Although not blatantly political in focus, “Out of Three or Four People in a Room” is clearly informed by Amichai’s experiences in war. Both of its stanzas open with the same refrain: “Out of three or four people in a room/ One always stands at the window.” However, each stanza regards the figure of which it speaks, the “One,” in unique but related terms.
In stanza one, the figure, here deliberately unnamed, gazes from a window on the ravages of a just-concluded battle. The figure witnesses “the evil among thorns/ And the fires on the hill,” left only with an emptiness that appears to be the only tangible result of the carnage. He observes that before the battle “people . . . went out whole,” only to return after the conflict “Like small change to their homes.” Clearly, Amichai’s metaphor expresses the ambiguity many Israelis felt in the wake of their “victory.”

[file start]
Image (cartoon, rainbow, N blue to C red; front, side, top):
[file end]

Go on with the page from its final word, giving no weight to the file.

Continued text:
By stanza two, the poem’s political imagery becomes even more blatant. No longer faceless, the poem’s central figure takes on both a face and a gender. “His hair dark above his thoughts,” the figure adopts the identity of a soldier, complete with “kit bag” and “rations.” He seeks a reason for fighting, but, like his desperate and disillusioned cohort in the opening stanza, is ultimately left only with hollow epithets to console him.